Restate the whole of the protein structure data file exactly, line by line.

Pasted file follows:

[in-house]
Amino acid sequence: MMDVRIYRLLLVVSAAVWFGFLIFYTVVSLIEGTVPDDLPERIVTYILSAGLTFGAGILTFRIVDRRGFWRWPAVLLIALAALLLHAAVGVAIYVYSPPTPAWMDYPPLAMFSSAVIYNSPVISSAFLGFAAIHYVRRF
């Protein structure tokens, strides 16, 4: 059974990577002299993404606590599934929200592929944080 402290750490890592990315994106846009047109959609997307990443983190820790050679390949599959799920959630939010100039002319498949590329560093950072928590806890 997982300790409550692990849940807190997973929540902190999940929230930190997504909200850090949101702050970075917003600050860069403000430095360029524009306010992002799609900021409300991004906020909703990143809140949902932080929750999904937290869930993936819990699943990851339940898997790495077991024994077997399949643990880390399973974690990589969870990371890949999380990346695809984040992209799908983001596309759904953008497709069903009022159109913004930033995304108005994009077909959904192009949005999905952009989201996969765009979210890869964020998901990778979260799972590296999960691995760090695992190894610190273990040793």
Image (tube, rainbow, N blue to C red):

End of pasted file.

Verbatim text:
[in-house]
Amino acid sequence: MMDVRIYRLLLVVSAAVWFGFLIFYTVVSLIEGTVPDDLPERIVTYILSAGLTFGAGILTFRIVDRRGFWRWPAVLLIALAALLLHAAVGVAIYVYSPPTPAWMDYPPLAMFSSAVIYNSPVISSAFLGFAAIHYVRRF
């Protein structure tokens, strides 16, 4: 059974990577002299993404606590599934929200592929944080 402290750490890592990315994106846009047109959609997307990443983190820790050679390949599959799920959630939010100039002319498949590329560093950072928590806890 997982300790409550692990849940807190997973929540902190999940929230930190997504909200850090949101702050970075917003600050860069403000430095360029524009306010992002799609900021409300991004906020909703990143809140949902932080929750999904937290869930993936819990699943990851339940898997790495077991024994077997399949643990880390399973974690990589969870990371890949999380990346695809984040992209799908983001596309759904953008497709069903009022159109913004930033995304108005994009077909959904192009949005999905952009989201996969765009979210890869964020998901990778979260799972590296999960691995760090695992190894610190273990040793």
Image (tube, rainbow, N blue to C red):